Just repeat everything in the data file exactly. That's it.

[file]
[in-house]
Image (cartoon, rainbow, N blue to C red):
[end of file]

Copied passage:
[in-house]
Image (cartoon, rainbow, N blue to C red):